Current and future fans of Kodjoe will have the chance to see him when he comes to Fayetteville this month for the second annual “True To Yourself,” A Black History Month Talk Series with Piedmont Natural Gas, presented by the Arts Council of Fayetteville/Cumberland County.
The event is slated for Saturday, Feb. 23, at 7 p.m., in J.W. Seabrook Auditorium on the campus of Fayetteville State University. The moderator is Cumberland County District Court Judge Toni King. A question-and-answer session with the audience will follow the talk. For the second year, Piedmont Natural Gas has signed on as the Title Sponsor.
"Piedmont Natural Gas is proud to return as the Title Sponsor of 'True to Yourself,'" said Tammy Thurman, Community Relations Manager for Piedmont Natural Gas. "Piedmont works every day to strengthen the communities where we live and work, and we are glad to support this opportunity for Boris Kodjoe to bring his inspirational message to the people of Fayetteville and Cumberland County."
“Boris Kodjoe is an in-demand speaker who will share the story of his personal and career triumphs and challenges, all the while remaining true to his ideals and authentic self,” added Deborah Martin Mintz, Executive Director of the Arts Council.
Perhaps currently best known for his roles on the “Grey’s Anatomy” spinoff “Station 19” and on Netflix’s “House of Cards,” Kodjoe will portray O.J. Simpson in “Nicole and O.J.,” a movie slated for March release.
Born Boris Frederic Cecil Tay-Natey Ofuatey-Kodjoe in 1973, he is the son of a German psychologist mother and a physician father from Ghana, West Africa. Boris excelled in sports and rose to be a top-ranked tennis player in Germany, where he grew up. A professional tennis career appeared imminent, but a back injury forced him to explore other options. One option revealed itself in 1992 as a scholarship offer from Virginia Commonwealth University in Richmond, where he earned his marketing degree. After graduation, yet another opportunity surfaced, when the Ford Modeling Agency signed Kodjoe. He quickly became one of the most recognizable faces in advertising.
Hollywood took notice and soon Kodjoe was featured in “Love and Basketball,” as well as the TV series “Soul Food,” a show that introduced him to his co-star and future wife, Nicole Ari Parker. Among his other credits are BET’s mock-reality show “Real Husbands of Hollywood”; the FOX hit comedy “Last Man On Earth”; the role of the opinionated chief of surgery Dr. William Campbell in “Code Black”; as Captain Sullivan on the Shonda Rhimes-produced “Station 19” on ABC; and as Congressman Cole in Netflix’s “House of Cards.”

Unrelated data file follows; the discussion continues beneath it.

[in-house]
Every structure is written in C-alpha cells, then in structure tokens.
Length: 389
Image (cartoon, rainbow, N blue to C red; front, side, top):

Kodjoe says he realized one of his dreams in 2008 when he made his Broadway debut as Brick in the Tennessee Williams classic “Cat on a Hot Tin Roof,” alongside James Earl Jones and Phylicia Rashad.
In 2010, Boris and his brother Patrick launched World of Alfa, a clothing company offering high-quality, custom-made shirts and suits at affordable prices. According to a press release, Alfa’s team initiative is to redefine network distribution and empower people to start their own businesses.
With his wife, Nicole, Boris Kodjoe also is a champion of change in another way. They have established the Sophie’s Voice Foundation in honor of their daughter who was born with Spina Bifida. The foundation assists families who are affected by the birth defect and helps educate women of childbearing age about the importance of folic acid in preventing Spina Bifida. Sophie’s Voice Foundation, in partnership with the Rollins School of Public Health at Emory University, established the Center of Spina Bifida Research and Prevention in Atlanta. The goal is to eradicate all preventable Spina Bifida worldwide in 10 years.
Such focus and determination is a constant in Boris Kodjoe’s story. The Fayetteville event featuring this Renaissance Man is not only meant to offer insights into achieving personal and career success, but also to inspire others to pursue their passions.
As Kodjoe puts it in a social media post: “If you believe in yourself and you are not afraid to express your dreams, there are no limits to what you can do.”
Tickets to Boris Kodjoe’s “True To Yourself” event are $20; special group rates for 25 and more are available. Visit theartscouncil.com/truetoyourself, or purchase tickets at the Arts Center, 301 Hay St., in downtown Fayetteville, 910-323-1776.
ABOUT THE ARTS COUNCIL
Founded in 1973 by a group of local visionaries, the Arts Council supports individual creativity, cultural preservation, economic development and lifelong learning through the arts. The Arts Council organizes and produces the International Folk Festival and A Dickens Holiday; spearheads public art initiatives in the community; administers grants and project support for both arts and cultural groups and individual artists; and oversees the extensive Artists in Schools program in Cumberland County and Fort Bragg. The Arts Council also is known for creating innovative exhibitions throughout the year in their Gallery at the Arts Center, 301 Hay Street in downtown Fayetteville.
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The Arts Council’s grants, programs and services are funded in part by contributions from businesses and individuals, and through grants from the City of Fayetteville, Cumberland County and the N.C. Arts Council, a division of the Department of Natural & Cultural Resources.